Legislature(2019 - 2020)BARNES 124
03/14/2019 01:30 PM TRANSPORTATION
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|Alaska Marine Highway System: Public Testimony|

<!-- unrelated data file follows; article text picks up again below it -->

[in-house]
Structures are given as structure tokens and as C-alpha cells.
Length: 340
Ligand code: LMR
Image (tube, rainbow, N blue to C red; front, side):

* first hearing in first committee of referral
= bill was previously heard/scheduled
= bill was previously heard/scheduled